Last May, news circulated that the Egyptian Stock Exchange was launching a campaign to motivate young people to invest their savings on the stock market. This ambitious move was intended to open for youth new investment horizons that go beyond the familiar, traditional banking options which yield predetermined interest, such as savings accounts, time deposits, and investment certificates. The stock market would introduce youth to the world of shares and stocks and investment funds which yield variable interest depending on economic performance, financial situations, and growth rates.
I was wary when I first learned of this campaign. I saw it as targeting young people who presumably hold small capital and possess limited capacity to manage it. More often than not, young people tend to select banking options that offer stable interest, even if relatively low, instead of venturing into the world of the stock market where they face the unknown that ranges from possibilities of lucrative profit to devastating loss.
Granted, the Stock Exchange trades in shares and stocks of firms that operate in all fields of businesses and services. It is seen by many as a world for the wealthy and professionals; many among them tend to divide their money between bunches of investments covering a wide spectrum of risk. High risk investment offers the possibility of lucrative profit or huge loss; medium risk offers reasonable profit at a calculated, moderate risk; and safe investment guarantees a limited income at almost no risk. The net result of such fund allocation along the risk spectrum and versatile investment in money markets is a reasonable return on capital while avoiding unsustainable losses.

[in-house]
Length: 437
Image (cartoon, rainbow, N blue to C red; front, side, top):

However, we must underline that many of the wealthy or venture capitalists who choose to invest their money on the stock market usually seek the expert services of professional money managers or brokerage houses, which they need and value.
Brokerage houses and money managers keep a close eye on all the firms and companies listed on the stock exchange, scrutinising and monitoring their performances and how they reflect on the value of their shares within the market law of supply and demand. Accordingly, stock market experts and brokerage houses are the best advisors regarding management of investment portfolios.
If this is how the money and investments of the more wealthy are managed, one can only imagine how imperative it is to connect the young people addressed by the Egyptian Stock Exchange with competent, expert advisors to protect their limited savings from the risk of loss. Especially given that young people who lose their limited savings to the stock market could see their dreams for the future shattered. I believe that the Stock Exchange administration must place a condition for all small investors and newcomers to the world of the stock market to deposit their savings with authorised money managers in order to avoid losing their money, and so that the Stock Exchange’s new campaign neither strays its way nor loses its raison d’être. I cannot sufficiently stress this, especially with the countless examples of investors who choose to gamble with their savings despite limited knowledge and expertise, thinking they have no need for expert advice and preferring to economise on commissions for authorised money managers. After achieving initial profits on their own, they more often than not end up falling prey to their lack of experience, and losing all their savings. So please mind the young investor.
11 June 2021